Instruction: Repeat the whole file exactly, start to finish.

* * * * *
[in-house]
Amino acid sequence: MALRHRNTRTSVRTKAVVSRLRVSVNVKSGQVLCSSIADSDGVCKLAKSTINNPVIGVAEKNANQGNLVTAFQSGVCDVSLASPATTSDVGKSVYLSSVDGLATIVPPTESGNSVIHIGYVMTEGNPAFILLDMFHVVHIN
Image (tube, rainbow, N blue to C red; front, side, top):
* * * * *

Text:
[in-house]
Amino acid sequence: MALRHRNTRTSVRTKAVVSRLRVSVNVKSGQVLCSSIADSDGVCKLAKSTINNPVIGVAEKNANQGNLVTAFQSGVCDVSLASPATTSDVGKSVYLSSVDGLATIVPPTESGNSVIHIGYVMTEGNPAFILLDMFHVVHIN
Image (tube, rainbow, N blue to C red; front, side, top):